Some examples of light aggregates include stones like scoria or pumice, artificial stones like clay, and expanded shale or processed stones like vermiculite. Thermal conductivity is its most important property. For example, bridge decks and building blocks can be made from lightweight concrete. In addition, steel structures can be protected by it.
8. High ?Density Concrete
Atomic power plants require the use of a very specific type of concrete called high-density concrete. Heavy aggregates are used in the creation of high-density concrete to make it radiation-resistant. The most common type of rock used is crushed rock. It is most often used to crush barytes, which are white or colorless crushed rock containing barium sulfate.
9. Air-Entrained Concrete
The volume of concrete is equal to over a billion microscopic air cells. The small air pockets in concrete relieve the pressure inside. These tiny chambers can expand when water freezes. In addition to alcohols, resins, and fatty acids, foaming agents are often added to concrete during mixing to entrap air. Considering the concrete must mix on the construction site, it must happen under engineering supervision. Air entrains in almost all concrete used in freezing environments or freeze-thaw cycles.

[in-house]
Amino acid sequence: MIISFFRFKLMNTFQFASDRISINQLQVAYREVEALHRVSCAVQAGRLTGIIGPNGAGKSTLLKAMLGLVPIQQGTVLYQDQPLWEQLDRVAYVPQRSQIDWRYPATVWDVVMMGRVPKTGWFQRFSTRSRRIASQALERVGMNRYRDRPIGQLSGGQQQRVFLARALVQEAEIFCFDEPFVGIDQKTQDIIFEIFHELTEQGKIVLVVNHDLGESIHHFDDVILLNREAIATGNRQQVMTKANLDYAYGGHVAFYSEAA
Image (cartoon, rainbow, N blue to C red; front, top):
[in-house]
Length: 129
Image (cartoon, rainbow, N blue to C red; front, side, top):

To learn more, watch the following video tutorial.
Video Source: civilogy
10. Pumped Concrete
Pump concrete is one of the most common cement mixtures used in high-rise flooring.
Packed concrete works very well because it's easy to work to take up to the top floor via a pipe. The concrete will be discharged through this pipe, either flexible or rigid. Often, it is the only way that concrete can be placed at certain locations since it is such an efficient, reliable and economical method of applying concrete. Pumped concrete makes with very fine aggregates. Concrete flows from the pipe more freely when the aggregate in the mix is finer.